COBWEB CORNERS: Movie time in the 1920s

By Mel McFarland

       A couple of weeks ago, I talked about Alexander Film. The Library Channel on cable shows some of the old commercials
       Alexander filmed around here in the '50s and '60s. I found an article about some that I doubt anyone in this area has seen!
       Anyone ever hear of the W.W. Smith Production company? The company operated out of the unusual cinema center, Tulsa, Okla. They used quite a few of the small towns in the state to film exterior scenes for early day westerns, such as "So This Is Arizona?" Yes, that was a little western filmed in, of all places, Colorado. This was just after they filmed three westerns here in El Paso County. The names are probably new to you: "Gold Grabbers," "Trails End" and "Cross Roads." At the time these were not high budget films; each cost $30,000.
       The mountains and prairies in this area provided the scenery, but the interiors were done in Tulsa. Many of the films done here by the Smith company used the mountains west of Manitou. I have heard that some of the filming was also done in the Cheyenne Canyon and Rock Creek vicinities. At the time of this article, W.W. Smith was filming in Red Rock Quarry (now a featured part of the city's Red Rock Canyon Space) south of Garden of the Gods. This quarry was once the source of most of the red sandstone that was used in the construction of many important buildings in the area. Most of the buildings at early Colorado College were built using this stone.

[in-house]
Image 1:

The Smith company was just putting the finishing touches on its film, "Gold Grabbers." Some of the actors featured in these films were Genevieve Berte, Virginia Lee, Franlyn Farnum, Shorty Hamilton and Al Hart. Have you ever heard of any of these? Well, it seems that history has skipped over the classic westerns from Tulsa and their stars.
       At the same time a local concert featured the music of local composer Bert Kibler. Oh, you have never heard of him either, and you probably never heard his march named "The Chamber of Commerce"! Or you could have gone to the lecture by Charles Bowman Hutchison on on western song birds, including demonstrations of the bird calls.
       This was all happening right around here in the 1920s.